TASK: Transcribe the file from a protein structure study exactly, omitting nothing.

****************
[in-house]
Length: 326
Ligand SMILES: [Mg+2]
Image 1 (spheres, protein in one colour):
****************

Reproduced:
[in-house]
Length: 326
Ligand SMILES: [Mg+2]
Image 1 (spheres, protein in one colour):